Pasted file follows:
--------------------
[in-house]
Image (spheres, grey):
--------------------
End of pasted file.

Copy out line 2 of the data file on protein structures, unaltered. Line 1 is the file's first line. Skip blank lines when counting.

Image (spheres, grey):